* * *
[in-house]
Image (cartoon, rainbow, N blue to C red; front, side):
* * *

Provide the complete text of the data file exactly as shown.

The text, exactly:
[in-house]
Image (cartoon, rainbow, N blue to C red; front, side):